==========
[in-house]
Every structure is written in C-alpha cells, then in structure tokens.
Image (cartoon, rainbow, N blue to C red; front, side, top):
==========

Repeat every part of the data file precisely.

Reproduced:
[in-house]
Every structure is written in C-alpha cells, then in structure tokens.
Image (cartoon, rainbow, N blue to C red; front, side, top):